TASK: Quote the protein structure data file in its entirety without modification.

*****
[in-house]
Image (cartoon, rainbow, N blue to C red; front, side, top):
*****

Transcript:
[in-house]
Image (cartoon, rainbow, N blue to C red; front, side, top):